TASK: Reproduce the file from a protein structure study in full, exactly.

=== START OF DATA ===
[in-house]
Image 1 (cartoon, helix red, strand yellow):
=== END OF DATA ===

[in-house]
Image 1 (cartoon, helix red, strand yellow):